Bonnaroo, Austin City Limits, Electric Forest Among Festivals Not Using Facial Recognition Tech

Last year the major concert industry began embracing facial recognition technology. Ticketmaster invested in a company called Blink Identity with the goal of one day letting ticketholders associate their face with their ticket and walk into concerts without scanning anything. Taylor Swift secretly used facial recognition tech at her Reputation Stadium Tour as a means of security, hoping to capture her many stalkers if they showed up at her concerts. But backlash against such technology is brewing.

Earlier this month, the nonprofit digital rights group Fight For The Future — whose mission statement includes, “We envision a world where everyone can access the internet affordably, free of interference or censorship and with full privacy” — launched a campaign lobbying the music industry to abandon use of facial recognition tech before it becomes more widespread. At banfacialrecognition.org, the group argues that facial recognition tech presents myriad ethical problems: It’s an invasion of privacy, its high rate of inaccuracy jeopardizes justice, it’s a gold mine for identity thieves, it could be weaponized by authoritarian regimes, etc. “The companies that run major festivals should not be experimenting on music fans by scanning our faces and collecting our biometric information,” Fight For The Future’s Deputy Director Evan Greer said in a press release. “People deserve to know whether their favorite event has plans to use facial recognition technology.”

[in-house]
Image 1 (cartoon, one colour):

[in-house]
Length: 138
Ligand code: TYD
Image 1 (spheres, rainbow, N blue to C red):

Artists supporting Fight For The Future’s initiative include Tom Morello, Speedy Ortiz’s Sadie Dupuis, the Gaslight Anthem’s Brian Fallon, Amanda Palmer, Downtown Boys, Laura Stevenson, Atmosphere, Anti-Flag, and others. Morello tweeted, “I don’t want Big Brother at my shows targeting fans for harassment, deportation, or arrest. That’s why I’m joining this campaign calling on @Ticketmaster and others not to use #facialrecognition at festivals and concerts.” Fight For The Future also announced that the Summer Meltdown Festival in Darrington, Washington became the first festival to commit to not using facial recognition tech.

Now Fight For The Future has shared an updated list of fests committing to forgo facial recognition tech. Among those fests that are not using facial recognition tech are Bonnaroo, Austin City Limits, Electric Forest, Shambhala, Paradiso Fest, Sonic Bloom, Summer Meltdown, Lucidity Festival, and Punk Rock Bowling. Meanwhile Ticketmaster and its parent company Live Nation have issued a statement that they currently have no plans to use the tech. Fests that did not respond to Fight For The Future’s inquiries include SXSW and Electric Daisy Carnival, which Coachella and parent company Goldenvoice stated, “We are not looking to add to this conversation currently.”

UPDATE: A representative for Bonnaroo and Austin City Limits clarifies that although the fests are not planning to use facial recognition technology, they have not offered any kind of pledge to Fight For The Future. Their official statement reads, “Bonnaroo does not utilize facial recognition technology, and does not currently have any plans to do so in the future. Austin City Limits Music Festival does not utilize facial recognition technology, and does not currently have any plans to do so in the future.”